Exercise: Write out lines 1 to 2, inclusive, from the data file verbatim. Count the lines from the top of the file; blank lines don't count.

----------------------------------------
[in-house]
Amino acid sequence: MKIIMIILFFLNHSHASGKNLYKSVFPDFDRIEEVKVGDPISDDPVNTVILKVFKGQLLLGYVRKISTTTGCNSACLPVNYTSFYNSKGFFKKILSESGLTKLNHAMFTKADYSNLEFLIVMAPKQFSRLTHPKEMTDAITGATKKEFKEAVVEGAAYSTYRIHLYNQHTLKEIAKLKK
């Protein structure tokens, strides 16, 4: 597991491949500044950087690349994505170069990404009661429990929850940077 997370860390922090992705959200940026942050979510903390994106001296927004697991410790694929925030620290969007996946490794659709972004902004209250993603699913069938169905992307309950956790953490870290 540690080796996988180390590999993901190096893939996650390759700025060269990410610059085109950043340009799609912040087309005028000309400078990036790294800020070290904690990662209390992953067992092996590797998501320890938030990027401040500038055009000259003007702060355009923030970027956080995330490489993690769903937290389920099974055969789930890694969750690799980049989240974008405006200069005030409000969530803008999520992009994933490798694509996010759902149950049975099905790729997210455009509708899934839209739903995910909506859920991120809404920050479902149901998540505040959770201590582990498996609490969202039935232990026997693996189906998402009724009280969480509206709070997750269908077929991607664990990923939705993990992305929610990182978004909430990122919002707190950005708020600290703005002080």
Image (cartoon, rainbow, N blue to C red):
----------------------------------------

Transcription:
[in-house]
Amino acid sequence: MKIIMIILFFLNHSHASGKNLYKSVFPDFDRIEEVKVGDPISDDPVNTVILKVFKGQLLLGYVRKISTTTGCNSACLPVNYTSFYNSKGFFKKILSESGLTKLNHAMFTKADYSNLEFLIVMAPKQFSRLTHPKEMTDAITGATKKEFKEAVVEGAAYSTYRIHLYNQHTLKEIAKLKK